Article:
-- Increased care coordination services: ACOs with more robust services to coordinate care for Medicare beneficiaries also were more likely to stay in the program. These services include simple things like reminder calls for appointments and following up with patients after hospitalizations, to more high-touch services like home visits and coordinating transportation for patients. The authors note that increased investment in care coordination services, a key component of the ACO model, may be an indication of an organization’s commitment to accountable care and to succeed in the program.

One factor that increased risk of exiting MSSP was having a sicker patient population.

Based on the research findings, the authors suggest that CMS will be able to keep successful ACOs in MSSP by supporting them to develop competencies to achieve shared savings bonus payments, strengthening the tie between payment and quality improvement, increasing support for ACOs that care for sicker patients, and adjusting ACO spending benchmarks with regional costs. The new MSSP program aims to include changes along these lines, such as improved timely data sharing; benchmarks that are based on regional spending and are more prospective and more predictable; and support for learning opportunities among ACOs.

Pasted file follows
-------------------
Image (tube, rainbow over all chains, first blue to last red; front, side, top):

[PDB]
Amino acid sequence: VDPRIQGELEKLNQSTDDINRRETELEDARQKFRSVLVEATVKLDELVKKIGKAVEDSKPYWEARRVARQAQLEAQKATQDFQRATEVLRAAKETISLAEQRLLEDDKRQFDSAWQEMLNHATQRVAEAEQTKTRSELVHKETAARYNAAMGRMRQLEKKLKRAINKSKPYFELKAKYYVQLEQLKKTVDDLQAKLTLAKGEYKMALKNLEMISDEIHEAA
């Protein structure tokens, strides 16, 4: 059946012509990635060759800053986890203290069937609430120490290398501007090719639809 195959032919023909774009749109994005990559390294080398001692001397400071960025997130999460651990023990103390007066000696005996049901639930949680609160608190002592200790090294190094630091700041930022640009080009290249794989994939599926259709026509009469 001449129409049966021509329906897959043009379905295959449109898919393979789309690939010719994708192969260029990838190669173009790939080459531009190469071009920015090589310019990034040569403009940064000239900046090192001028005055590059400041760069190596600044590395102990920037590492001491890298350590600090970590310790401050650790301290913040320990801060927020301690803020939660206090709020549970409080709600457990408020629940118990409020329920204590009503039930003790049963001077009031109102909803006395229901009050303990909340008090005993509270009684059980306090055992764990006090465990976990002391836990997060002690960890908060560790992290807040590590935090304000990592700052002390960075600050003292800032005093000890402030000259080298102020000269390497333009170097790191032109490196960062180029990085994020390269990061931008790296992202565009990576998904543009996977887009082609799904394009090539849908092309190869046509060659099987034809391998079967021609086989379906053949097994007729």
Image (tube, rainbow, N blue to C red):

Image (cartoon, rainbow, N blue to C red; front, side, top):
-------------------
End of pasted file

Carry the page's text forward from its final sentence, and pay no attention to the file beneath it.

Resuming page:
“With half a decade of experience in the shared savings program we have a better understanding what causes ACOs to leave or stay  in the program,’ said David Muhlestein, Ph.D., JD, chief research officer at Leavitt Partners. “We can take these findings to improve the program.”

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About Duke-Margolis Center for Health Policy

The Robert J. Margolis, MD, Center for Health Policy at Duke University is both an academic research center and a policy laboratory that addresses the most pressing issues in health policy. Its mission is to improve health and the value of health care through practical, innovative, and evidence-based policy solutions. To learn more, visit healthpolicy.duke.edu.

About Leavitt Partners

Leavitt Partners is a health care intelligence business. The firm helps clients successfully navigate the evolving role of value in health care by informing, advising, and convening industry leaders on value market analytics, alternative payment models, federal strategies, insurance market insights, and alliances. Through its family of businesses, the firm provides investment support, data and analytics, member-based alliances, and direct services to clients to support decision-making strategies in the value economy. For more information visit www.LeavittPartners.com.
 

CONTACT: Patricia Green, Duke-Margolis
patricia.s.green@duke.edu
or
CONTACT: Julie Sommer, Leavitt Partners
julie.sommer@leavittpartners.com